bribery and extortion charges, District Attorney Seth Williams, National, News, Philadelphia Prosecutor Pleads Guilty -

Philly’s First Black DA Pleads Guilty to Corruption Charge, Is Immediately Jailed

bribery and extortion charges, District Attorney Seth Williams, National, News, Philadelphia Prosecutor Pleads Guilty -

Philly’s First Black DA Pleads Guilty to Corruption Charge, Is Immediately Jailed

Philadelphia District Attorney Seth Williams arrives for his arraignment on bribery and extortion charges at the federal courthouse in Philadelphia. (AP Photo /Matt Rourke, File)

PHILADELPHIA (AP) — The city’s top prosecutor pleaded guilty Thursday to a corruption charge, resigned from office and was sent immediately to jail by a judge who said he couldn’t be trusted.

In a surprise development two weeks into his federal trial, District Attorney Seth Williams pleaded guilty to a single count of accepting a bribe from a businessman in exchange for legal favors.

“I’m very sorry,” Williams told the court, choking up as he acknowledged he would resign.

U.S. District Judge Paul Diamond said he was not inclined to trust Williams’ assurances about appearing for sentencing set for Oct. 24, so he ordered him jailed. He was led out of the courtroom in handcuffs.

Diamond said he was “appalled” by the evidence he heard during the jury trial and had concluded Williams “sold” his office.

Williams, 50, faces up to five years in prison under a plea deal struck during the middle of the night after a series of phone calls.

“He’s been humbled by the experience and he’s very sorry for his conduct,” said defense attorney Thomas Burke.

Williams, a graduate of Georgetown Law School, was the city’s first Black district attorney. He spent years as an assistant prosecutor and became the city’s inspector general, tasked with rooting out corruption, before first winning office in 2009.

The two-term Democrat had named his chief of staff, Kathleen Martin, as acting district attorney after his indictment in March forced him to surrender his law license. She said Thursday that “Philadelphians should know that their District Attorney’s Office continues the pursuit of justice.”

Williams did not run for re-election in May. Civil rights attorney Larry Krasner won the Democratic nomination and, in this overwhelmingly Democratic city, is the heavy favorite in the fall election against Republican Beth Grossman.

The plea came after a trial featuring damaging testimony about a stream of money and gifts showered on him, from a lavish Caribbean vacation to cash bribes.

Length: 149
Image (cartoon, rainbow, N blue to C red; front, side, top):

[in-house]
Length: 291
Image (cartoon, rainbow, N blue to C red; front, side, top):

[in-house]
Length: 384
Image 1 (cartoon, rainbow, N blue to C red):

He was also accused of fraudulently using thousands of dollars from his campaign fund for personal expenses, misusing city vehicles and misappropriating money intended to fund his mother’s nursing home care.

He had been charged with 29 counts of bribery, extortion and fraud. Although 28 counts were dismissed, prosecutors said that Williams admitted he committed all the offenses.

The charge he pleaded guilty to stemmed from a relationship with a businessman who admitted providing Williams with a vacation in the Dominican Republic, a $3,000 sofa and thousands of dollars in cash payments. The former district attorney must forfeit nearly $65,000 gained through bribes and fraud as part of his plea deal.

“Today’s conviction is a great victory in the battle against corrupt conduct by public officials,” said William Fitzpatrick, New Jersey’s acting U.S. attorney, who oversaw the case after Justice Department officials in Philadelphia recused themselves because of their work over the years with Williams.

Williams is just the latest in a long run of Philadelphia politicians to be convicted of corruption. Just in the past 10 years, they have included former U.S. Rep. Chaka Fattah, found guilty in 2016 in a racketeering scheme; the former speaker and four other members of the Pennsylvania House of Representatives; two members of the Pennsylvania Senate; and a Philadelphia city councilman.

Last year, in a sign he could be facing charges, Williams belatedly filed financial disclosure reports showing he had accepted about $175,000 in cash, gifts and trips from friends as he struggled to maintain his family’s lifestyle after a divorce. He was fined $62,000 by the city ethics board, its largest fine ever.

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